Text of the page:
Healthcare administration is a growing field. With the baby boomer generation aging, the need for more medical facilities continues to grow. Administrators play a key role in the daily operations of nursing homes, hospitals and other care facilities. There are two main types of administration models, which are generalist and specialist. Generalist administrators are responsible for overseeing all departments and ensuring the facility's overall success, and specialist administrators oversee specific areas or groups of areas. As a rule, specialists work in larger facilities.
Healthcare Administration Job Duties
Depending on the facilities they work for, healthcare administrators may have a small or large range of duties. In a nursing home setting, administrators handle the paperwork for new residents, manage the files of current residents to ensure quality care, hire facility workers, supervise daily operations and host continuing education sessions for employees. Administrators in smaller facilities may also help with activities, serving food and completing HR duties. In hospital settings, administrators are usually responsible for overseeing one or more departments. They must screen new hires, supervise staff and oversee the care plans for patients. Administrators may also handle complaints and communicate with suppliers. One of the most important duties they have is ensuring compliance with all federal and state regulations.
Healthcare Administration Work Environment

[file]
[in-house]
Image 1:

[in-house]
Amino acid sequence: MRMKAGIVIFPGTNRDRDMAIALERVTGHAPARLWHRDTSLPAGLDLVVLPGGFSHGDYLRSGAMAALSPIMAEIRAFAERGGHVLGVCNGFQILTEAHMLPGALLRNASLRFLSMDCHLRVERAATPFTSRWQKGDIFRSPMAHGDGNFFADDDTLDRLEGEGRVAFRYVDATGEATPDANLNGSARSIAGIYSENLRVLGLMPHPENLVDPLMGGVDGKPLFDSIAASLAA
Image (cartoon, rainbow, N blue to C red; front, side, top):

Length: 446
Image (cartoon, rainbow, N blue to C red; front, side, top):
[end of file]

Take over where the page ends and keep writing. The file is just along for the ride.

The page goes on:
Specific job duties and varying types of facilities determine an administrator's work environment. In larger facilities, administrators must be able to handle a fast-paced work environment and be able to multitask. In smaller facilities, administrators may find a more relaxed pace. However, the work environment may provide more physical activity for those who are also responsible with helping during meals or conducting daily activities. As a rule, administrators spend the majority of their days behind desks completing paperwork and making phone calls. Portions of their days are spent walking the halls of the facility to speak to workers or residents. Most administrators also walk about their facilities often to visually supervise workers.
Healthcare Administration Education Requirements
In order to become a healthcare administrator, training is required. Facilities often determine what kind of administrator they need by how many patients they serve. In hospitals and nursing homes, this is usually measured by a number of beds. Smaller facilities with less than 10 beds may often require a bachelor's degree in administration or a related field. In some cases, such facilities may also accept an administration certificate coupled with several years of practical experience in a related field. While some facilities with more than 10 beds require only a bachelor's degree, many hospitals and nursing homes require a master's degree. Almost all large facilities require at least a master's degree. In addition to this, some may require specialized training or several years of experience.
Healthcare Administration Employment Outlook and Salary
The need for healthcare administrators is expected to grow more than 20 percent faster than average fields. According to the BLS, administrators earned an average hourly wage of about $40 in 2010.